There was a sharp gasp and the creaking of floor boards. Allison stood in front of the window at the far end of the room. Luther’s oversized hoodie almost hid the hand she was holding behind her back. But really, who did she think she was fooling?

“Oh…Klaus. It’s just you.” She relaxed, revealing the lit cigarette she had been hiding.

“Oooooo, you smokin’.” Klaus teased. Looking Allison over, the ‘house slippers and sweatpants’ ensemble seemed an odd choice for his most stylish sibling. But then again, no one was going outside in that absolute bullshit weather.

“Shhh, quiet.” She sat down beneath the window sill. “If Pogo finds out, he’ll tell Luther.”

“Not to mention give you, the look.” Klaus pursed his lips and gave her a disappointed stare beneath his brow.

Allison giggled before taking a drag. She gave her brother a quick once over as he sat down. “What are you doing up here, by the way?”

“I can’t meander in my own home?” Klaus feigned at being scandalized.

“There is no meandering up here, Klaus. You are terrified of those spiders.”

“And with good reason. Have you seen those things lately? They’re like mega fauna from the Mesozoic era. What has Ben been feeding them?”

“Why do you think it’s Ben?” She laughed.

“Because, you remember when we were kids, Five and Diego would capture spiders and-“

“Put them in our beds. Yes. And I remember the ass whooping I gave Diego later.”

“Yeah, well, Ben would collect them from my room after and catalogue them in those little glass cases. Like the ones we’ve got in the library? Half of that’s probably from him. And everyone still thinks I’m the creepy one.”

“How come he never collected them from my room?” Allison whined.

“Because you didn’t insist on sleeping in his bed until he did it.”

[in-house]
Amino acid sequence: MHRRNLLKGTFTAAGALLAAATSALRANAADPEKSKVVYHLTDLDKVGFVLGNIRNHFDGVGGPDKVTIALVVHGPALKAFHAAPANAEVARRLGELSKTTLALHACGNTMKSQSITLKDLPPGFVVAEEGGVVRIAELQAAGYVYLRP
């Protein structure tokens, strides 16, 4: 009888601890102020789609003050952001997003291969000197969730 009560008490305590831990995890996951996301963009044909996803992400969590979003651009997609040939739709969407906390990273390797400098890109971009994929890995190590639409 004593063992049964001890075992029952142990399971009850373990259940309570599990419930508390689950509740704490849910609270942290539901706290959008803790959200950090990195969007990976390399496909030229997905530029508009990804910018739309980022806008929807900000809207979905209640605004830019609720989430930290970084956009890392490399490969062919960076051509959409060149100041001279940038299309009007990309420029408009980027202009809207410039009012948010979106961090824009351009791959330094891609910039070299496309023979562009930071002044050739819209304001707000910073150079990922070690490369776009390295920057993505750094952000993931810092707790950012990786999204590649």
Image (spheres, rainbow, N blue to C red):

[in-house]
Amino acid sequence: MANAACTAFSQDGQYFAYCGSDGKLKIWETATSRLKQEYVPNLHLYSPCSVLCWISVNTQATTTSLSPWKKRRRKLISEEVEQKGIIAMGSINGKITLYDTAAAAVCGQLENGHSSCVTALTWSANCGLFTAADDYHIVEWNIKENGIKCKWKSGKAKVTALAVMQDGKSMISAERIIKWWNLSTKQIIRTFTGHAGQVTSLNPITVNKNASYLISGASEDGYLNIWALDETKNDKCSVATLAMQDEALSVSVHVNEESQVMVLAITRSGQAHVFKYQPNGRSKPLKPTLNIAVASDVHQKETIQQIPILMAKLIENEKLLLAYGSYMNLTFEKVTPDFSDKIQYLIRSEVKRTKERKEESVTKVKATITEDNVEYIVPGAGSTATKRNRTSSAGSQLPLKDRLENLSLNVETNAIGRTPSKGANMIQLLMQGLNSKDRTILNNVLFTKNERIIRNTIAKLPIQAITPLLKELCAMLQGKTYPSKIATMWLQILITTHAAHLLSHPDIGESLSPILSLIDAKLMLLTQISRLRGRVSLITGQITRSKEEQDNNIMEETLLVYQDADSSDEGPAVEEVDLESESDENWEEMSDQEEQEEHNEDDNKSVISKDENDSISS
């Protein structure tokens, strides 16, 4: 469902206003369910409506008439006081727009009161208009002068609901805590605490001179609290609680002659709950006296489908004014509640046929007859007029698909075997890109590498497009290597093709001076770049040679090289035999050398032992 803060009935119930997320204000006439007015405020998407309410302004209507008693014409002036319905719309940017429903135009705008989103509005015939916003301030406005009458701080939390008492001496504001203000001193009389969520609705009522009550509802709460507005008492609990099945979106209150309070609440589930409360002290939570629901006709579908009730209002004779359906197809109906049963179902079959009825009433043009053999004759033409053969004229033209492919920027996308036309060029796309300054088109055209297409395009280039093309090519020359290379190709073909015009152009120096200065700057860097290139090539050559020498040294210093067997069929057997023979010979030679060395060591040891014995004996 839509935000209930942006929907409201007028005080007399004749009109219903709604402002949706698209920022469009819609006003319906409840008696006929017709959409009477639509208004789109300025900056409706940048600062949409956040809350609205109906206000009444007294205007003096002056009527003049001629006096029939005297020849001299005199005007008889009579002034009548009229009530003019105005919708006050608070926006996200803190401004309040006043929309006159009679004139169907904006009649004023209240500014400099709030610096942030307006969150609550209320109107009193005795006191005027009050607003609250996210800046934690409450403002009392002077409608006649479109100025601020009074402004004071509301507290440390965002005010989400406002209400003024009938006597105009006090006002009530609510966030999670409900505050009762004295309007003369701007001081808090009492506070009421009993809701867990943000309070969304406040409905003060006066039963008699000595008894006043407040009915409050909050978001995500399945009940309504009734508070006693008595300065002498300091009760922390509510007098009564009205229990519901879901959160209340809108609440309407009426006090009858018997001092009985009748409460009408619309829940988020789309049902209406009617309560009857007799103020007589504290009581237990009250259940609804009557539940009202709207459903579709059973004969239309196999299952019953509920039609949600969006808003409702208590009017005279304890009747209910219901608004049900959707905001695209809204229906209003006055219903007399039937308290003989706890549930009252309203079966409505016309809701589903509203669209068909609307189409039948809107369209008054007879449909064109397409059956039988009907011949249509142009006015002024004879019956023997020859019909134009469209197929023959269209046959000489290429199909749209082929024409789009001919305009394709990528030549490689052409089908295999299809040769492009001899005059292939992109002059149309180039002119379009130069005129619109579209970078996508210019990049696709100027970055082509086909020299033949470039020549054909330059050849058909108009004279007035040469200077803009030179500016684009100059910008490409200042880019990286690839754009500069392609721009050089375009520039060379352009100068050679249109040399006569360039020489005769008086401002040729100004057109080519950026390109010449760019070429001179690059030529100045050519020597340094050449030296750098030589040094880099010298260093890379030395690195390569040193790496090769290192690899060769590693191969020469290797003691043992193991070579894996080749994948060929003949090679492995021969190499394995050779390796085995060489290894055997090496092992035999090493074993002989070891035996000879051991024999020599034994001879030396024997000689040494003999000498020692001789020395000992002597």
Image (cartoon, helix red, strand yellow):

“That’s right. I almost forgot you were such a prima donna. Hey!”

Klaus snatched the cigarette from her fingers and took a drag.

“You’re not supposed to be having this anyways.” He mumbled around the filter. “Looks like you’ve already had plenty.” He pointed to the tiny tea plate above them on the window frame. Numerous butts were mashed together at it’s center. They had become damp with the spray of the rain falling from the roofs overhang.

Allison sighed and worked a hand through her tight curls. “I’m just a little stressed, is all.”

“Oh?” Klaus blew the smoke away from her face, scooting closer until they were shoulder to shoulder. “Pray tell.”

“Luther and I got in to a fight.”

“Unfathomable.” He took a drag. Allison slapped his knee. “Kidding, I’m kidding. Continue.”

“Ever since Dad left and Luther inherited the house, it’s kinda felt like, the old him has come back? I know you see it too.” They shared a sober look. Even with the flawless foundation, Klaus knew his sister’s face well enough to see the exhaustion about her eyes. “He feels like he always has to be in control, like he can’t ever ask for help or admit when he has no idea what he’s doing.”

“Wow, you and Diego should start a podcast.” He looked away.

“He puts so much pressure on himself, like that presentation he’s been preparing for the astronomy convention? Luther spent months on it. I knew that he wanted it to be perfect, so Ben and I offered to help. But he refused and when Ben began explaining things to him, he just…totally blew up at us.”

Was that why Ben had been so crabby lately, Klaus wondered. Why would Ben get involved in the first place? Something wasn’t making sense.

“But…you guys don’t do space shit, right?” Klaus reached back to ash in the dish. “Or is Ben double dipping on his major and didn’t think to tell me?”

Allison pilfered the cigarette from between his fingers and took a drag. “I’m not talking about ‘space shit’, Klaus. I’m talking about Power Point.”

Klaus’ eye went wide. “No…”

“Yes.” She exhaled with the smoke.

“How bad was it?”

“Unironic use of comic sans bad.”

Klaus had to hold his mouth with both hands to keep from laughing too loud. Thank god he had at least one sibling with basic meme knowledge. “Oh no, Alli. Tell me you didn’t send him off with that. Wait! No! Tell me you did. That’s much more hilarious.”

“Ben copied the file and made some…Improvements. I swapped them out on Luther’s laptop before he left for the airport this morning. He can thank me later.”

“What a devious thing for you to do, sister.” Klaus gasped. “I respect that.”